A Melville company has asked Riverhead officials to consider its proposal to build a solar power facility at EPCAL for $50 million, instead of proceeding with a $40 million land deal that is already under contract.
Haugland Group LLC, an infrastructure services holding company, submitted a letter to officials at Riverhead Town Hall dated June 25 that proposed building a 100-megawatt solar and storage generation facility at the Enterprise Park at Calverton. The solar facility — which the company would pay Riverhead $50 million to build on 500 acres at the property and utilize the 7,000-foot runway and an adjacent 275 acres — would replace the town's deal with the Calverton Aviation and Technology venture group.
In 2014, Haugland Group submitted a proposal to Riverhead calling for the construction of a 700-acre solar farm on the EPCAL site. Though it did not proceed because of what project representatives said was a lack of interest from former Riverhead Supervisor Sean Walter, the company maintained its interest and has “continued to monitor the situation,” said Anastasia M. Song, director of Haugland Group.
Jack O’Connor, executive managing director of the Melville branch of commercial real estate advisory firm Newmark Knight Frank — who is representing Haugland and submitted the proposal on the company's behalf — wrote in a separate letter also dated June 25 that the company decided to resubmit the proposal after learning that Luminati Aerospace LLC, a co-partner in the venture group with developer Triple Five Group of Edmonton, Canada, decided in April to relocate to Little Falls in upstate New York. Luminati had been evicted from the building it leased at the EPCAL site after failing to pay rent to Laoudis of Calverton LLC, the property landlord.
O'Connor wrote that because of questions about Luminati's current involvement in the pending contract, "it may be that the entire contract is null and void."
In Haugland's letter, Song said the company would be able to commence work on closing the transaction by the end of 2019 if town officials considered their proposal. Song added the company could fund the facility “immediately,” as the offer does not rely on external financing.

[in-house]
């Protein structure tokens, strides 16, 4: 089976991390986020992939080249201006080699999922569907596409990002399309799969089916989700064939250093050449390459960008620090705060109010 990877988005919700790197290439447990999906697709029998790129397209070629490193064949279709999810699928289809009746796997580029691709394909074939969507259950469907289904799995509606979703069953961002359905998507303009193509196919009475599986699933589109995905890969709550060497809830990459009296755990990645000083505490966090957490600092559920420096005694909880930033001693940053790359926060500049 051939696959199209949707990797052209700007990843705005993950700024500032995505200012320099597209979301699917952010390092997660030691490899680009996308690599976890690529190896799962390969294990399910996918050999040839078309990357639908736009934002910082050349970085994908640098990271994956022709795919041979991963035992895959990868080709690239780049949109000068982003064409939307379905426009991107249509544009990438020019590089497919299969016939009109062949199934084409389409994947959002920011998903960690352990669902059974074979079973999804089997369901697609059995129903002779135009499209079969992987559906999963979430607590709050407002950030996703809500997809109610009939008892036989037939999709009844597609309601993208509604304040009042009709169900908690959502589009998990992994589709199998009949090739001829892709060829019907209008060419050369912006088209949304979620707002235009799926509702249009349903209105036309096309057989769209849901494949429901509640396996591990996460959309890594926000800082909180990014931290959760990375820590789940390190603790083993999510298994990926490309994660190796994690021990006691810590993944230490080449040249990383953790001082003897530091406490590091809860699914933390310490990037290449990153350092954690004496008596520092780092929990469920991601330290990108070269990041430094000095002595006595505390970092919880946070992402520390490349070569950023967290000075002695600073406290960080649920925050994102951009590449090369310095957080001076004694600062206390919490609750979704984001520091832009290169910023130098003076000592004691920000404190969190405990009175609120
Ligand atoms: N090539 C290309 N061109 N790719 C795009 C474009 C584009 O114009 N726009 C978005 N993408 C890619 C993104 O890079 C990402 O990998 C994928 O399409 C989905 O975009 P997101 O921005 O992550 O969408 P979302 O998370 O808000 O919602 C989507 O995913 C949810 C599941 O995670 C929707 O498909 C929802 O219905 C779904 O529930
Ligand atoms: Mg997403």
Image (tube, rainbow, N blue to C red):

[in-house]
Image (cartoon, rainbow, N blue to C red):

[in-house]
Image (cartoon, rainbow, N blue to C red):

“Under our proposal, Riverhead would retain its highly desirable land with fronting on major roadways that would allow future subdivision and development for the benefit of the town,” Song stated.
Amy Herbold, director of development for Triple Five, said in a statement Sunday that Triple Five would be meeting with town officials “very soon to discuss our plans to redevelop the site.”
“We are diligently pursuing all of our obligations under the contract and trust that the town is doing the same. At this point, any efforts to replace CAT with another purchaser would be an interference of our rights under the contract with the town,” Herbold said.
Town officials said Thursday that they still plan to move ahead with the deal from Calverton Aviation and Technology. The venture group has agreed to purchase 1,600 acres of the 2,900-acre EPCAL property to expand Luminati's operations.
The Riverhead Town Board voted 3-2 in November to go ahead with the venture group’s proposal. Local civic groups and environmental advocates have opposed the deal, citing concerns and questions about whether the venture group is financially capable of following through on its plans, and whether those plans would negatively affect the property.
Riverhead Supervisor Laura Jens-Smith said Thursday that Frank Isler, the attorney that Riverhead has contracted in the deal, sent out a letter to the venture group last Monday asking representatives to “come in and give us an update of what is going on and make a presentation to the town board.”
Jens-Smith said she is hopeful the venture group will respond in the next few days to set up a possible July meeting.